Something has been troubling me about the swirling hype and skirmishing over libraries lending ebooks. Something about the failure of the book publishing industry to learn anything from the music publishing industry’s attempts to lock down electronic content, but also something about the very idea of lending electronic files as if they were physical items.
McGuire hits upon the problem publishers have created for themselves with eBooks:
We live in a world where the supply of books is growing exponentially, and the demand for books is relatively static, and certainly under fire. The result must be a decline in price.
1. If it’s digital, sooner or later it’s going to be free.
3. You can’t stop Free
9. Free makes other things more valuable.
The problem for publishers (both book and newspaper) is that the first two of these are rapidly bearing down upon them, but they haven’t worked out how to make rule 9 work for them. If they give away their product for free, what becomes more valuable, and how can they harness that value?
Reading McGuire, and also Thomas Frey’s paper on the future of libraries, leads to the inescapable conclusion that libraries may well be walking down the wrong road when it comes to eBooks. eBooks can be a free, non-excludable good – my word processing program allows me to create an ePUB file with one click and I can then distribute it for free by posting to a website, or if I’m feeling old-school, by using the sneakernet. Under Anderson’s first rule of Free, that means sooner or later the standard price for eBooks is going to be $0.00. So if eBooks are all going to be free in a few years anyway, why are libraries getting sucked into expensive and complicated lending contracts with eBook distributers?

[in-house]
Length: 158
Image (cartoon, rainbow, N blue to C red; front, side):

McGuire answers this with his observation that
..music labels thought they sold CDs to people; newspapers think they get writers to make news articles and get people to read them; libraries think they give people access to books and computers. But they are all wrong, to a lesser or greater extent..
If you read the Mission Statement/Statement of Purpose/this week’s term for what the hell the point of it al is of most public libraries it will be a variation on “To serve the information, recreational and cultural needs of xyz community through the provision of abc services”. It doesn’t take much tweaking to keep it up to date, but the problem is that in the heat of the moment it’s easy to focus on the last bit (what your services currently look like) instead of the first bit (why you’re providing them). Just in case you’re still not sure where this is going, here’s McGuire putting it a little more bluntly:
I don’t think disseminating free books will be a sustainable core function for libraries.
When you think about the economics and technological possibilities of eBooks, it starts to look more and more like a bad bet. If I was in publishing, I’d be very worried. Luckily, I’m not in publishing, I’m in libraries, and we’ve got a bit more flexibility if we keep our wits about us. It’s not difficult to see DRM’d eBooks becoming microfiche all over again. Microfiche was a brilliant technology when it first appeared, and it revolutionised libraries and archives. But in the grand scheme it was merely a short-lived precursor to digitised, networked records. After all, who needs microfiche when you have Ancestry.com? eBooks with DRM will shake up libraries and publishing, but only as a precursor to the real revolution – the free eBook.
So will the pBook die? I suspect not, but it’s hard to see a future for cheap paperbacks. In that respect it may be a simple case of coming full-circle for publishers, returning to a pre-Penguin market, with eBooks cannibalising the paperback market. But the economics of publishing is for another post.
For libraries, the near future looks like it may well be a holding pattern, as publishers sort themselves out, readers decide how eagerly they want to embrace eBooks, and library managers develop strategies for convincing their funders not to pull the plug. The smart managers will be looking further, to a future where the service they provide is about enabling citizens to find information, entertainment and contemplation in buildings that don’t have any shelves.